CHICAGO, Nov. 18, 2003 – The American Bar Association has published its new policy on judicial reform issues in the milestone report “Justice in Jeopardy,” which is being distributed to elected officials, bar association leaders and others around the country interested in improving state judicial systems.
“The ABA has adopted new policy that goes beyond merit selection, providing a framework for courts that are more diverse and better equipped to administer justice in the 21st century,” said Dennis W. Archer, president of the ABA.
Archer, a former justice of the Michigan Supreme Court who testified at one of the public hearings sponsored by the ABA Commission on the 21st Century Judiciary, has said state judicial issues will be among his top priorities during his term as president. The ABA House of Delegates, the policy-making body of the association, adopted the recommendations at its August meeting in San Francisco.
Two states – Pennsylvania and Wisconsin – had supreme court elections this fall, and 28 more states have supreme court elections scheduled in 2004.
The ABA’s preferred system of state court judicial selection is a commission-based appointive system, with the following components:
The governor should appoint judges from a pool of judicial aspirants whose qualifications have been reviewed and approved by a credible, neutral, non-partisan, diverse deliberative body or commission.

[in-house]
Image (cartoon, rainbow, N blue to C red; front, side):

Judicial appointees should serve until a specified age. Judges so appointed should not be subject to reselection processes, and should be entitled to retirement benefits upon completion of judicial service.
Judges should not otherwise be subject to reselection, but should remain subject to regular judicial performance evaluations and disciplinary processes that include removal for misconduct.
The report also offers alternative recommendations on judicial selection, such as public financing of judicial campaigns, for those states that do not abandon judicial elections altogether.
The House of Delegates adopted other policies based on recommendations in “Justice in Jeopardy,” such as urging states to address the lack of diversity in state courts and to create independent commissions to establish judicial compensation. Archer also announced the formation of the Joint Commission to Evaluate the Model Code of Judicial Conduct.
The report and the new policies are available online at http://www.manningproductions.com/ABA263/finalreport.pdf. In addition, “Justice in Jeopardy” can be ordered from the ABA Service Center at 800-285-2221. (When ordering, refer to it by number PC#3970005.)
The American Bar Association is the largest voluntary professional membership association in the world. With more than 405,000 members, the ABA provides law
school accreditation, continuing legal education, information about the law, programs to assist lawyers and judges in their work, and initiatives to improve the legal system for the public.
Editor’s note: Justice in Jeopardy, the ABA report calling for state judicial reform, now is available in book form. Journalists interested in a copy may contact Al Manning at [email protected] or 312/988-6131.